OTTAWA -- Prime Minister Justin Trudeau used his daily COVID-19 address to highlight the now-launched Canada Emergency Business Account program and announce that his remarks on Saturday will come from the floor of the House of Commons as it convenes to pass additional aid measures.

After delivering 26 consecutive daily addresses from his front door, this will be a change in his schedule as he takes Sunday and Monday off. 

Parliament has been recalled for a rare emergency Saturday sitting to hold an accelerated debate and vote to see another major economic policy passed into law: the 75 per cent wage subsidy for employees.

Trudeau will be present for that sitting, and will deliver his daily update from his place inside the Chamber. He has also announced he will be taking Sunday and Monday to spend time with his family and will provide his next COVID-19 national address on Tuesday.

The prime minister hinted that the government will have more to say soon for those feeling mentally challenged and overwhelmed by the new reality the pandemic has created across the country, which could last in some form for many months to come.

As of midday Friday there were 20,765 confirmed cases of COVID-19 in Canada and 509 people had died from the disease. 

After days of back and forth the minority Liberals and opposition parties have agreed to reconvene in Ottawa with a limited bracket of MPs to pass the second piece of emergency COVID-19 legislation.

The Conservatives have framed the second bill as a “fix” to the first, while the Liberals say the legislation would enact the “biggest economic measures in our lifetimes.”

Talks continue as to how to see the House of Commons convene remotely in the future, as the pandemic is set to limit the ability for Canadians to convene for weeks and even months to come.

“It’s really important despite a time of crisis – in fact, because of a time of crisis - that our institutions remain strong and our democratic principles continue,” Trudeau said.


Trudeau also spoke about the newly-available loan program, and reemphasized the billions in other emergency response benefits the government has enacted or are in the process of launching. 

The loan program was first unveiled late last month, as a way for businesses to access government-guaranteed loans to cover the costs of keeping their enterprise afloat during the COVID-19 crisis.

Finance Minister Bill Morneau announced on Thursday that the program was now available and encouraged businesses that are having a hard time covering their rent, utilities or other operating costs to get in touch with their bank about accessing the loan.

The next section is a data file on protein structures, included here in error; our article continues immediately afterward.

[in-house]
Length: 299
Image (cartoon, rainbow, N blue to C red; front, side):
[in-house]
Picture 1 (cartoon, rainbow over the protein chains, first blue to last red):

“It will only take a few days for you to receive the full amount in your account. That’s money you can use for whatever you need, whether it’s monthly expenses or paying employees,” Trudeau said on Friday.

Last month, the government announced the emergency loan for small businesses, seeing banks offer $40,000 government-guaranteed loans interest-free for the first year. If the company can repay the balance of the loan by the end of 2022, up to $10,000 will be forgiven.

Applicants need to show proof that they paid between $50,000 and $1 million in payroll in 2019.

Projected as a $25-billion program, not-for-profit organizations are also able to apply through their banks, to help cover their operating costs during a period where their revenues have been “temporarily reduced” due to the economic impacts of COVID-19.


The prime minister spent Thursday evening on the phone with premiers, where he and Deputy Prime Minister Chrystia Freeland discussed the stockpiling of supplies underway as well as the potential of enacting the sweeping national powers of the Emergencies Act.

The federal government has sent a letter surveying the provinces and territories on their current needs and whether the extraordinary powers — formerly known as the War Measures Act — were needed to compel Canadians to stay inside.  

The act has never been used as currently drafted, requires premiers to be consulted, and has been viewed as a last resort and there are no plans to enact it yet. If that step was taken it could see the nation come under a “public welfare emergency” allowing the federal government to regulate travel and the distribution of goods within the country, direct trained people to render essential services, and impose steep fines and jail times for those who breach the emergency orders.

Asked about the call and the prospect of enacting the Emergencies Act, Trudeau said the measures are not currently necessary.

“It is our hope that we don’t have to use it, ever. We are seeing that the collaboration, the partnership among provinces and territories and the way we’re moving forward on this means that we might not ever have to use the Emergencies Act, and that would be our preference,” Trudeau said.

This comes as the majority of provinces and territories say there is no need to invoke the Emergencies Act, and that it should be up to each government to dictate how they respond to the COVID-19 pandemic.